A New Way to Think About Leadership

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SOMeCA’s first summit focuses on giving students skills to apply to organizations. Courtesy of Paul Schraub
SOMeCA’s first summit focuses on giving students skills to apply to organizations. Courtesy of Paul Schraub.

Students and staff were looking for a theory to match the work they were already doing in their SOMeCA organizations — student-run organizing in the truest sense, operating under unorthodox methods of leadership.

After looking through dozens of models, the Action Research Group (ARG) found one — the student agency model — that didn’t have to be molded to fit the work SOMeCA organizations, or Student Organization Advising and Resources, Student Media and Cultural Arts and Diversity, were already doing.

“The student agency model best suited SOMeCA because it encompasses a partnership within different people — students, staff and alumni,” said ARG member Ana Manjarrez. “That partnership is equal in the sense that you see these partners in the same light as you see student leaders and staff.”

In preparation for SOMeCA’s first student organization summit on Saturday, the student agency model, an innovative model for student affairs, is at the forefront of the event’s theme — “re-imagining leadership.” Part of SOMeCA’s ideology is that no one is born a leader and anyone can be a leader by developing the right skills.

For the last six years, SOMeCA has held an annual dinner with alumni to celebrate a tradition of leadership development within student organizations at UC Santa Cruz.

This year will still include the alumni dinner, but it will be held after a day of alumni-facilitated workshops and keynotes from alumni and students. Over 200 students and 100 alumni are signed up to attend the dinner.

Manjarrez, who organized with MEChA and Engaging Education (e2) — the student-run outreach and retention center — graduated last quarter but is now working as a SOMeCA staff member. She said “re-imagining leadership” means seeing leadership in a different, more collective light and challenging the notion that only one person can lead a collective.

“You can’t just decide something for a whole organization, you have to run through a group of people at least, not just one person does it,” Manjarrez said.

Similarly, fifth-year and ARG member Brittany Alba said SOMeCA’s model of leadership challenges the stereotype that one person standing at the front of the room giving people tasks makes them a leader.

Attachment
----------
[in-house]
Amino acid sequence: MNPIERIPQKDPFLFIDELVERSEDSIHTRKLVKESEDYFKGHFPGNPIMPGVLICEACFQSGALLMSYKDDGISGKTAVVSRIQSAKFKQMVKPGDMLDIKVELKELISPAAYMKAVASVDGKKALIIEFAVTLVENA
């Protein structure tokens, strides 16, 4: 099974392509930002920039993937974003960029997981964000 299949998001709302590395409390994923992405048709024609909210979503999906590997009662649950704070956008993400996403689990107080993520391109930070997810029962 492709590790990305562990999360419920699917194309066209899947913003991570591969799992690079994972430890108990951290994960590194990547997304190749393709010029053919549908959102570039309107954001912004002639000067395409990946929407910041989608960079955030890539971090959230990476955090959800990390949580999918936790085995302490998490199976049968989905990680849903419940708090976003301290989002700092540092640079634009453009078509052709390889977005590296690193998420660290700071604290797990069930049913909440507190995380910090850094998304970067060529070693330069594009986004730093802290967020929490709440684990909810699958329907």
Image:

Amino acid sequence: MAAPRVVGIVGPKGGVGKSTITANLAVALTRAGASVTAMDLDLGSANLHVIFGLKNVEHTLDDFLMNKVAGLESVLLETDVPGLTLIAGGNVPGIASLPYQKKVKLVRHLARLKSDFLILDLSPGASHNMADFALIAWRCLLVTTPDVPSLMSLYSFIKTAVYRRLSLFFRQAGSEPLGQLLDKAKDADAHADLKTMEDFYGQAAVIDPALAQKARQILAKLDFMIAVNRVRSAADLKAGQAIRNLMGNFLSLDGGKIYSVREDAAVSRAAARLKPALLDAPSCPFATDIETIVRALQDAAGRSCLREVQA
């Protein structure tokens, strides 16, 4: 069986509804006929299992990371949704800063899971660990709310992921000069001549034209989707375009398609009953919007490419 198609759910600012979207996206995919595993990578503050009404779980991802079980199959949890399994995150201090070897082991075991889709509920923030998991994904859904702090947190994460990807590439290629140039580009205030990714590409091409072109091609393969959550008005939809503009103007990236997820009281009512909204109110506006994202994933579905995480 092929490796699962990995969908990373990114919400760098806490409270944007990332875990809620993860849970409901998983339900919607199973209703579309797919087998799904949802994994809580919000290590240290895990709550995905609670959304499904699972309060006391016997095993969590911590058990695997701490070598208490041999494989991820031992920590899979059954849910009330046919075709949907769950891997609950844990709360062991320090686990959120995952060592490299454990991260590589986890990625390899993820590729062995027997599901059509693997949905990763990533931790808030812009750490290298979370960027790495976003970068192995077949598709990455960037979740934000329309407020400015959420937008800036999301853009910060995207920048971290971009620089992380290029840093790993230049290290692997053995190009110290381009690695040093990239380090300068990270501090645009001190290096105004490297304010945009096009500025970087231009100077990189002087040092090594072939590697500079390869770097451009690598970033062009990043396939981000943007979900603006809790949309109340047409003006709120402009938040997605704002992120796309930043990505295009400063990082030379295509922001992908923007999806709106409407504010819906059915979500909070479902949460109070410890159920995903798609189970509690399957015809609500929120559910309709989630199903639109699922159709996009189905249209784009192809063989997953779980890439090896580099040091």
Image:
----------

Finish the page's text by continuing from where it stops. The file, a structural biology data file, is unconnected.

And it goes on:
“Leadership is really putting in the work at making sure your organization is healthy, and the work you do with your folks is healthy,” Alba said. “It’s communicating with all parties to be effective and efficient. Leadership means you’re committed to put in the work that the folks in your organization need.”

The change focusing on the alumni workshops this year aims to give students skills to be effective leaders and collaborators within their organizations. Ranging from “How the Hell Do We Work Together” to “Identifying Poisons” to “The Art of Facilitation,” the interactive workshops will be facilitated by SOMeCA alumni working across the country, in different fields.

SOMeCA Associate Director Karissa Bauer said the workshops have been piloted on a smaller scale for the last two years and the response was so powerful and positive that the student advisory group responded. Four workshops were offered before last year’s dinner and this year, nine workshops are split between morning and afternoon sessions.

“We wanted to do more than help students network over dinner,” Bauer said. “SOMeCA wants to create spaces where students and alumni can share ideas and grow together into an intergenerational community focused on positive change — positive change within ourselves, our communities and the world at large.”

Following the role of partnership that the student agency model highlights, SOMeCA alumni, students and staff have planned the summit together — from creating the agenda, naming the workshops and deciding which alumni would facilitate workshops. The daylong conference, including the workshops and dinner, cost about $17,000 to host.

“SOMeCA has student advisory boards that collaborate to shape our programming,” Bauer said. “It has become clear to the staff and the students that there are aspects of the world today that are challenging, and equipping strong student leaders with the tools to make things better is the best possible goal I can imagine.”